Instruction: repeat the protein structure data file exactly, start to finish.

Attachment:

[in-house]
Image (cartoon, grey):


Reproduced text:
[in-house]
Image (cartoon, grey):